Hahahah, my little girl is not a baby anymore. And it is so cool that she thinks that I am cool. Now I need to keep working on my coolness πŸ˜‰

I feel like I live to bring people together. It is like my secret mission. It is what I seek, in my relationships, at home and at work, with my friends, and Tara’s friends. It’s that simple.

I struggle with the notion of people drawing lines amongst themselves. May be the day I stop struggling with this, I will stop doing justice to my mission. May be this struggle is one worth living with.

Untangle the knots

While responding to an email at work, I wrote, “wow you made my day!”. The responder was surprised. He responded, “If it takes so little to make your day, I will make sure I do it more often.” I responded, “I try to derive joy from very little things. It keeps it real.”

To be honest, though I try to derive joy from little things, I also get disturbed by the little things. But that’s me. A hyper sensitive human, always sensing, reading the word no one writes, observing the under currents. And as much as I try to grow a pair of filters for my eyes who see too much, and for my ears that hear too much and a heart that feels too much, I fail. But I also know how to untie the knots I create.

On Sunday we went to Rockaway beach in Pacifica for a quick rendezvous with the ocean. Agam decided to take the kite along. Tara loves kites. When we reached Pacifica, the weather turned sour on us and the chill and fog took over the beach. We were determined to fly our kite, and so we did. By the time the kite took flight, Agam and Tara decided they were freezing and wanted to get back to the car. Of course, I was in a very buoyant mood by then. Well of course the ocean does its magic on me. [Agam also thinks that my rendezvous with the ocean cured my week long cold. :)]

While Agam and Tara returned to the car, I pursued my solitary walk to the nearby hill, with the kite still soaring high. As I was walking back my kite got stuck on the terrace of the Moonraker Hotel. I could not even see it and tugging the thread made no difference. What followed was a practical demonstration of my struggle with my thoughts in my little messy mind.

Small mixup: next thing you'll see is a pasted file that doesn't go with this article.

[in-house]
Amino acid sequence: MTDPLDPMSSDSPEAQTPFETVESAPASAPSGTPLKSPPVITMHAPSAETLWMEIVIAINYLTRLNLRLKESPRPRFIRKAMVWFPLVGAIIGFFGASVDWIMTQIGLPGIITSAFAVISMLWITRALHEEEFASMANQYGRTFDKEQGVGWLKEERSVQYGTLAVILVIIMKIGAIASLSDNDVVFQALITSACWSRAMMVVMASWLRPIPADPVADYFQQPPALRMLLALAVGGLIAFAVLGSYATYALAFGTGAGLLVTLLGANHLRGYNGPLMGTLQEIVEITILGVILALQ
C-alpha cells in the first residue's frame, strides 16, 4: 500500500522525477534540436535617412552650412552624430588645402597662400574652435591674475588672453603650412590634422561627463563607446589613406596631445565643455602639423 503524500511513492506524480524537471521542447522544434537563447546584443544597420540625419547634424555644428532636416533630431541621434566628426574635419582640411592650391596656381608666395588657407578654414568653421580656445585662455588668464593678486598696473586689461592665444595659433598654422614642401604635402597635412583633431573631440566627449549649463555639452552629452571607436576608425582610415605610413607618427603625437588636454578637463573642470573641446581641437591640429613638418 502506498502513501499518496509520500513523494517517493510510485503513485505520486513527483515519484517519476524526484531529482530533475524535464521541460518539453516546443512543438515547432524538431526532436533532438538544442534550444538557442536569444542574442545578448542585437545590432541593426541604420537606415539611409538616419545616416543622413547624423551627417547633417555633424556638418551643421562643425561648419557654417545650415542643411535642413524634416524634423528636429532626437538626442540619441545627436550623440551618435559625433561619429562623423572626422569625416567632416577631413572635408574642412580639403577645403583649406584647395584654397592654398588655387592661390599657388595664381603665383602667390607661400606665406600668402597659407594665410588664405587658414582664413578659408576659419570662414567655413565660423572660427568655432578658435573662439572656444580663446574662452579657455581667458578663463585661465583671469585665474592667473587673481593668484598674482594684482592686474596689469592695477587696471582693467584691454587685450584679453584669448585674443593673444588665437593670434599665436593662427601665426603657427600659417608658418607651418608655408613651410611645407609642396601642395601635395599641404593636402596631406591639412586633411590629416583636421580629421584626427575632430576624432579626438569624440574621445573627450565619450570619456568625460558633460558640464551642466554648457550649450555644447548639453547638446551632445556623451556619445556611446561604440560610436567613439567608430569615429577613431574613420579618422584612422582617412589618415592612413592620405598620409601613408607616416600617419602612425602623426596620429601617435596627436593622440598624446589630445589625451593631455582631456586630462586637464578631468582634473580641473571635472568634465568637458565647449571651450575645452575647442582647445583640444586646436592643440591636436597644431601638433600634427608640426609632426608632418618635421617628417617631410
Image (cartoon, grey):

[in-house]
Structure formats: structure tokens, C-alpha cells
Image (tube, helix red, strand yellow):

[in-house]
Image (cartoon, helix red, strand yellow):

The kite was my thought, and I was my mind. My goal was to free my thoughts from the constraints of my mind, and let it be free.

I struggled with the kite. I tugged hard, almost gave up, decided to walk up to the terrace, ask for help, and finally decided to go tangential to the direction of the wind. I applied the laws of physics, some first principles, and with will, grit, and persistence, and a lot of trial and error, iteration, and patience, I untangled the kite, and it was free once again.

An old lady was watching me struggle as I focussed on getting the kite out. When she saw me smiling at it. She walked over to me, and said, “you are a professional.”. I asked, “at what?”. She said, “at freeing the kite.”

And I said to myself, “And freeing myself from the thoughts that try to control my mind.”

I reeled the thread back, packed the kite, and came back to the warmth of my sun and my star. A little lighter. A little happier and with a fresh and free mind.

Happy 73rd Papa

Wish you a very happy birthday, Papa! May your spirit always be joyful, charismatic, and kind. Just like you were. 73 sounds so old. In a way I am glad my memory of you froze while you were still 64. To see my man in old age would have been hard for me.

How selfish is this human soul? Even after losing him, I am more worried about my discomfort if he had lived to be 73. If he had lived to be 73, he would have heard his grand daughter sing a birthday song for him. We just assumed Nanu was around and we sung for him.

This morning after getting Tara’s breakfast ready I stole a few moments from my usually chaotic morning to drink the day’s first coffee on the deck. I enjoyed the sunrise and the first warm rays of the sun that hit the deck. Soon the light filled the sky. And suddenly my world lost its color.

The birds kept on singing

Even the breeze brushed my cheeks

But the world suddenly lost its color

Or has it been this way since a few weeks?

As the light filtered through the leaves

The contrast blinded my sight

As if the sun was showing me its core

Proving to me its might

Sometimes this light can help you

To illuminate the darkest corners of your soul

And sometimes it can burn you

Consuming you as a whole

I am but a work in progress

I claim no glory nor defeat

The sun has made its presence felt

I must not surrender to this heat

I will live to see the color return

Of this I am quite sure

There will be another coffee on the deck

And the sky will be azure